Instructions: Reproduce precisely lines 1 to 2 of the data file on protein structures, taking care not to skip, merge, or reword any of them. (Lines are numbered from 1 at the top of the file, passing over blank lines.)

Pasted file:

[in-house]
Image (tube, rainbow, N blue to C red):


[in-house]
Image (tube, rainbow, N blue to C red):